If you can't make it precise make it adjustable.

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    Supporting Member olderdan's Avatar
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    Quote Originally Posted by Crusty View Post
    Here's what DesignSpark Mechanical 4.0 can do. Maybe it might work for you. It's free and easy to use.
    Click image for larger version. 

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    Thanks for the tip Crusty, it is a program I was not aware of, I have downloaded it and will try it soon.

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    Supporting Member Crusty's Avatar
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    Just read and follow the built in tutorials to start and you'll be surprised by how easy it is to use. Of course if you want more functions there's packages of increased capabilities for it that you can buy which are pricey.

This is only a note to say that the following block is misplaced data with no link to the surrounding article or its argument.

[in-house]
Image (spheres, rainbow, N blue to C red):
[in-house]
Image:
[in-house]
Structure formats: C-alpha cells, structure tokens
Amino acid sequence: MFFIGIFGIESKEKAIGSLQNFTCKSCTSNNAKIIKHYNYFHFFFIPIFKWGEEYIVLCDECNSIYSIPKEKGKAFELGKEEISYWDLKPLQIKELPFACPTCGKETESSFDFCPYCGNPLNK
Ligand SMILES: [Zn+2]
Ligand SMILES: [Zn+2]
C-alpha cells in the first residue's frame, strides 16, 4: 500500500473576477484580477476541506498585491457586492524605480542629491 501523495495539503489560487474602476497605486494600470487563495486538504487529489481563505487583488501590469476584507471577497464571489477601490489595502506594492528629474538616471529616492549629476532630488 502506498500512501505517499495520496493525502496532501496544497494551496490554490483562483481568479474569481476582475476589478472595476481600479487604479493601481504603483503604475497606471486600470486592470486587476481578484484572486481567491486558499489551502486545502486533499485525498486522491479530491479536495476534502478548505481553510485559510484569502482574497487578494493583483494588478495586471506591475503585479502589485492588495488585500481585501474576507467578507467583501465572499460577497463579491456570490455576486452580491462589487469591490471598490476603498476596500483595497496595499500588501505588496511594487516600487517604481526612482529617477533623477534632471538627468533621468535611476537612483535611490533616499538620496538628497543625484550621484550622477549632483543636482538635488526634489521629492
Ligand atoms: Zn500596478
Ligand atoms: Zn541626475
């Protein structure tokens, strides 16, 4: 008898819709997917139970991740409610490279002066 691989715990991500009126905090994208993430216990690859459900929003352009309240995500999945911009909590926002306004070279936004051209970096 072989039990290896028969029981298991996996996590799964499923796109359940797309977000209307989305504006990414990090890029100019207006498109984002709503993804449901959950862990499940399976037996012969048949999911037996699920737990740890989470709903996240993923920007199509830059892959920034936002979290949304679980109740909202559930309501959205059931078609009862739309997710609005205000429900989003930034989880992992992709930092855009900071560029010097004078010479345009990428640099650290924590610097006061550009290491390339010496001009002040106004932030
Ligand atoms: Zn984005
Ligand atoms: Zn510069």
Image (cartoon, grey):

If you can't make it precise make it adjustable.

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    Supporting Member jdurand's Avatar
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    I wound up using TurboCAD Pro Platinum 2018, definitely not free but I find it quite good. I started out with AutoCAD after taking a class in it, but then when it went to the Windows version my nice drawing tablet with all the macros and buttons on the puck no longer worked. So I mailed the original disks in for a super discount on TurboCAD. Now I upgrade from time to time when a customer job needs mechanical design and I can have them pay for the upgrade.

    I draw essentially everything in 3D, it was hard for me to switch to 2D for our house plans. I started with full 3D but had to switch because it was taking too long and the contractor was grumbling louder and louder.

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    Supporting Member tmoore4748's Avatar
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    Quote Originally Posted by Crusty View Post